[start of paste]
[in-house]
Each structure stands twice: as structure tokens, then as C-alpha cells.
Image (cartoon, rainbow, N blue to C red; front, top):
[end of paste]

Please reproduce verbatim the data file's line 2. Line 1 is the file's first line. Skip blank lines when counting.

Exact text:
Each structure stands twice: as structure tokens, then as C-alpha cells.